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GOP ignored black vote, chairman says

RNC head apologizes at NAACP meeting

MILWAUKEE -- The head of the Republican National Committee issued a sweeping apology to the NAACP yesterday for a decades-old practice of writing off the black vote and using racial polarization to win elections.

RNC chairman Ken Mehlman said civil rights legislation pushed by President Lyndon Johnson, a Democrat, in the 1960s solidified black support for that party for decades and ''we Republicans did not effectively reach out."

''Some Republicans gave up on winning the African-American vote, looking the other way or trying to benefit politically from racial polarization," he added. ''I am here as Republican chairman to tell you we were wrong."

Mehlman was the highest-ranking Republican to address the convention of the oldest and largest US civil rights organization, an annual meeting that President Bush has declined invitations to attend since he took office.

NAACP leaders have been critical of Bush for not appearing before them. While he did speak to the group when he was running for his first term, he has not returned -- something that has not happened with a sitting president in more than 70 years.

Instead, he has reached out to minority audiences less critical of his policies. This year, he accepted an invitation to speak to the Indiana Black Expo, which presented him with a lifetime achievement award for his efforts to help former prisoners integrate into society and for other programs benefiting minorities. The NAACP convention was underway 250 miles away in Wisconsin.

Bush brought a message of opportunity for all Americans, including blacks, to own homes and businesses and to share in the country's prosperity. He claimed credit for narrowing the gap in test scores between black and white elementary school students, according to test results released yesterday by the Education Department.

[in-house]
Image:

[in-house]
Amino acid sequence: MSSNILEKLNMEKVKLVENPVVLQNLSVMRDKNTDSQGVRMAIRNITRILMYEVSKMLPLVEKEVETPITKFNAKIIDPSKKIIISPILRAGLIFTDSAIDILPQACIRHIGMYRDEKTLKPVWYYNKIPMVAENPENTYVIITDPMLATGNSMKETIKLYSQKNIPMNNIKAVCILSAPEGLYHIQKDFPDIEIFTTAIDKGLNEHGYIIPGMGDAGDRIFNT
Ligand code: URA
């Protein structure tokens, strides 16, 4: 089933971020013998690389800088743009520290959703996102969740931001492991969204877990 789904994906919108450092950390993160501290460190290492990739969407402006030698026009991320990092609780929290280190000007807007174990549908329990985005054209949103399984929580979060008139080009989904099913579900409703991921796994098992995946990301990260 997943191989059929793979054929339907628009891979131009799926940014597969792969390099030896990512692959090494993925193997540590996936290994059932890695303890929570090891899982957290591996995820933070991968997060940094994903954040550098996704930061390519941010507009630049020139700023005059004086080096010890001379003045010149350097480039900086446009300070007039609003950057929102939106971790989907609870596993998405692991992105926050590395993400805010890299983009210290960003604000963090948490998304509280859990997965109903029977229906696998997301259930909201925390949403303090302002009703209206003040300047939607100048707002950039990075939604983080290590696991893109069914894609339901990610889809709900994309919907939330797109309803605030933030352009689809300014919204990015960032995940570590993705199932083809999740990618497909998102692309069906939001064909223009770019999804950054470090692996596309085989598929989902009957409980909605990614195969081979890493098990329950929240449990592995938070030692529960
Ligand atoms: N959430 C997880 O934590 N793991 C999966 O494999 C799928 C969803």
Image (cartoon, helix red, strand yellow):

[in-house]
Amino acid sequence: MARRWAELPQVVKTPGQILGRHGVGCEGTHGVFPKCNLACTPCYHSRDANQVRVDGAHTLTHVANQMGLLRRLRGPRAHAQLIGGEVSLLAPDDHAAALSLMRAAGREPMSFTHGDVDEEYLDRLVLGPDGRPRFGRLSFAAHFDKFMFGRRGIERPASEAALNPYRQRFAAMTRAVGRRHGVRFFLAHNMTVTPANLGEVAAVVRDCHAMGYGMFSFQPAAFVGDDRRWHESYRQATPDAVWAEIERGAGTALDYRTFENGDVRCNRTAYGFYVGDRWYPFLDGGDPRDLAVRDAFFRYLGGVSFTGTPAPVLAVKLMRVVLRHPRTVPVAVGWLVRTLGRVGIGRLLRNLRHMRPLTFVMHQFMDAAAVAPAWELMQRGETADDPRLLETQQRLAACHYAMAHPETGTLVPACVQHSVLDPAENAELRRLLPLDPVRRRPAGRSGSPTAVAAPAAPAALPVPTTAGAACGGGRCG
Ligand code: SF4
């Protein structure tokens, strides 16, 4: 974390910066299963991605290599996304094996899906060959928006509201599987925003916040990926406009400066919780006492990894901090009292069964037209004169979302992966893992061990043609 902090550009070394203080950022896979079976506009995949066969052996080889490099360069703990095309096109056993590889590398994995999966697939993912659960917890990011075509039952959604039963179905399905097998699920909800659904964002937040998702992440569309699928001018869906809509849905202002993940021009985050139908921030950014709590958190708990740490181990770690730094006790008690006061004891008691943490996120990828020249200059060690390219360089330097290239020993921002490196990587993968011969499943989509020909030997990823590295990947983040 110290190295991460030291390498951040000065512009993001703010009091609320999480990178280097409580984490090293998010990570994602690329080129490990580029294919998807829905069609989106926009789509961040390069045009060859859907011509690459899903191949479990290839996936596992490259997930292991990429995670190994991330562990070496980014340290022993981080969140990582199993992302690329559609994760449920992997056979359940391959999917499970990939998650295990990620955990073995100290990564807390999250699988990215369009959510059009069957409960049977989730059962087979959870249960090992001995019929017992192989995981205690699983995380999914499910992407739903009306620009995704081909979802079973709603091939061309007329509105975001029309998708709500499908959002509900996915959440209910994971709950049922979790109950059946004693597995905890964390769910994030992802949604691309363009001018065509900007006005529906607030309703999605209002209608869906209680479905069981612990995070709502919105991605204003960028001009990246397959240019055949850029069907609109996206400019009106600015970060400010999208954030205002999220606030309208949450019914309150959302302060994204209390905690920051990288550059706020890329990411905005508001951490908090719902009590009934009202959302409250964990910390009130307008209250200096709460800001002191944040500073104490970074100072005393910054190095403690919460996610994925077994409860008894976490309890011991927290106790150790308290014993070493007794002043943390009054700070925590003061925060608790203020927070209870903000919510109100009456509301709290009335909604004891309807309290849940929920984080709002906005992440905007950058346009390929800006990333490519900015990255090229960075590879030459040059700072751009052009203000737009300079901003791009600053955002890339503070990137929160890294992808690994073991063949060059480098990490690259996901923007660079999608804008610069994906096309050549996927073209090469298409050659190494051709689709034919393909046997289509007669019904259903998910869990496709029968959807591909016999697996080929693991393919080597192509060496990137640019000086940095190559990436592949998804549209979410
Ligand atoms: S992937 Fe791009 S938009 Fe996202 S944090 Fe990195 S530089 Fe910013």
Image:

''I see an America where every citizen owns a stake in the future of our country and where a growing economy creates jobs and opportunity for everyone," Bush said, his voice echoing in Indianapolis's cavernous RCA Dome, where more than 3,000 people packed luncheon tables on the floor below empty stands.

White House press secretary Scott McClellan said Bush had already accepted the invitation to speak in Indianapolis when the NAACP asked him to speak at their convention in Milwaukee. McClellan said it is too soon to say whether Bush will attend the convention next year -- an invitation that NAACP chairman Julian Bond announced Sunday, a year in advance.

Appeals by Mehlman and Democratic National Committee chairman Howard Dean to the NAACP referenced next year's congressional elections and the battle for the White House in 2008, with both party leaders asserting that their parties had the power to make black votes count most.

Dean, who shook up his party with a failed bid for the presidential nomination last year, said, ''We have a Democratic Party that is going to go back to what it used to be by standing up for right and not being afraid and never deserting the people who brought us to the dance."

''Never again will we take another African-American vote for granted," he said.

He warned that the onetime Republican ''Southern strategy" -- using racial issues to appeal to white voters in the once solidly Democratic South -- lives today, but in different forms that play on issues ranging from gay rights to anti-immigrant sentiment.

''The one thing we will never do is divide Americans to win elections," the former Vermont governor said. If the Democratic Party is ever to be whole again, he said, it needs to use the model of the NAACP to become the conscience of the nation.

Dean and Mehlman spoke back-to-back. Mehlman drew some applause but in general got a more tepid response, including a few groans and hoots.

Asked by reporters after he spoke whether Bush's presence at the NAACP event would have given the Republican message more weight, Mehlman made note of Bush's speaking engagement yesterday before the Black Expo.

''It's not simply who you speak to, it's what you speak about," he said.

Information from the Associated Press was included in this report.

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